Data scientists may find unexpected insights by analyzing their own solutions and customer relationship data. The lack of scalability handicaps this strategy.
 

Strategy 5: Customer Benchmarking using Business Software Reports

By running reports on their aggregated customer data, CSMs can easily see how a specific customer compares with other customers on a given metric. A company’s adopted CRM, BI or CSM software platforms usually provide this capability. For example, customer success software platforms such as Amity generate a scorecard summary which lists the SaaS vendor’s customers and their performance on key metrics. A CSM sorts the list by a selected metric, calculates averages and filters the customers into a relevant group using various attributes.

CSMs can generate reports as needed with this strategy, but the reports contain data, not insights, and support only basic, manual analysis to find insights.
 

Strategy 6: Customer Benchmarking using your SaaS Product

SaaS vendors can enable their customers to benchmark themselves within their own software solution, which can be used by their CSMs, too. SAP, Apptio, ServiceNow, InsightSquared, Samanage, IQNavigator, ADP, Zendesk and other companies offer this capability. Using the vendor’s anonymized, aggregate customer data, a customer can compare itself against other customers of the same solution on various metrics, and CSMs can compare them also. SaaS companies develop basic benchmarking features in-house (such as scorecards, rankings, averages and several peer groups) or embed technology from specialized benchmarking software vendors like OnlyBoth (my company) that does this along with automated, in-depth analysis and narrative reporting.

Customers can get answers to some benchmarking questions on their own, but this strategy doesn’t make use of the internal vendor data that provides valuable benchmarking insights to CSMs but isn’t available for customer viewing.
 

Strategy 7: Customer Benchmarking using Specialized Benchmarking Software

With advanced automation available from several software firms, CSMs can get many more actionable and deep comparative insights for each customer quickly. Waypoint Group’s TopBox benchmarking module automatically analyzes for significant correlations between customer feedback responses and outcome metrics such as NPS and customer health for several customer peer groups. The Customer Benchmarking Engine available from OnlyBoth automates the data analysis, insight discovery, and narrative reporting by using artificial intelligence and the SaaS vendor’s data.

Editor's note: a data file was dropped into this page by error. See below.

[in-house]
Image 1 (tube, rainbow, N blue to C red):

CSMs benefit from automated analysis which produces many more and deeper insights for each customer, overcoming the limitations of business software reports and data scientist scalability. The challenge is that CSMs are called on to make more judgments on which insights to use and share.

For a brief guide to the pros, cons and requirements of each strategy, see the paper “Pioneering SaaS Customer Success Leaders Seek New Customer Benchmarking Strategies to Deliver Value to Customers.”
 

Final thoughts

According to research by TSIA, CSMs at 25 percent of SaaS vendors are already using customer benchmarking. These pioneers have recognized the opportunity to enhance customer relationships and sustain their journey with the insights that only they can provide, because only they have the solution-specific data. With the data and strategies that are now accessible, more customer success organizations are poised to adopt this practice.

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About the Author

Jim Berardone

Jim Berardone is an entrepreneurial executive with over 20 years of experience leading new technology companies. Currently, he is the Chief Customer Officer at OnlyBoth where he focuses on customer success and value creation. When off duty, he mentors entrepreneurs, teaches a product management course for master’s students at Carnegie Mellon University, and assists the customer success community in Pittsburgh PA. In all the above, he promotes using a customer-centric view of the customer’s journey, experience and desired outcomes to achieve success.